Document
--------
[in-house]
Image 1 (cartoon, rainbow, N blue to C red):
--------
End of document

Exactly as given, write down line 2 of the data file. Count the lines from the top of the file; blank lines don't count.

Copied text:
Image 1 (cartoon, rainbow, N blue to C red):